Jazz-age Paris was the center of the artistic and literary world, and the center of the center was Gertrude Stein’s salon, where the famous and aspiring creative talents gathered to gawk at Stein’s Picassos and vie for status. Young Midwesterner Ida Caine arrives in Paris with her husband Teddy, a would-be Hemingway who thinks he can adventure first and write later. When Teddy falls in with the Stein set, he brings Ida to the salon, where she is shunted into a corner with the wives of famous men. She burns with resentment, and wonders if she can ever develop into a real artist herself. A few days later, Gertrude Stein’s partner Alice B. Toklas vanishes. Stein calls upon Teddy to investigate. Soon after, he vanishes. Forced to seek out her missing husband, Ida follows his trail through a milieu including strange Surrealist rituals, Tarot card readings, and the catacombs beneath the city. She falls in with a young American poet, T.S. Eliot. An unlikely passion grows while they seek answers to the shocking disappearances.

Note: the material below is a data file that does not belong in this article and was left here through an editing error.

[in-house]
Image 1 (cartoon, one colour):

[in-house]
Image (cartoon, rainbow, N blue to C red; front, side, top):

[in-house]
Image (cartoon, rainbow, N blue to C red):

Praise for Alice B. Toklas Is Missing
“Robert Archambeau’s clever and witty love letter to Jazz-age Paris sparkles with cameos of the writers, artists, and quirky personalities who defined the era. 1920s Philosophy and Art frame a romp of a literary missing-person case that sends Ida Caine on a scavenger hunt through the landmarks and catacombs of Paris. Searching for Alice B. Toklas, Ida discovers her true self and becomes an unlikely hero.”
—Liza Nash Taylor, author of Etiquette for Runaways and In All Good Faith
“Paris in the 1920s—artists, poets, writers, musicians, the whole modernist mélange, Cubists, Surrealists, Futurists, Hemingway, Eliot, Pound—caught here in a wonderful innocents-abroad, comic thriller. Ida Caine is at the center of it all, finding Alice, saving Paris—a perfect, wide-eyed and dauntless heroine, with T.S. Eliot as her companion. Not since Paula McLain’s The Paris Wife has a novel taken us so thoroughly into the Paris of the lost generation.”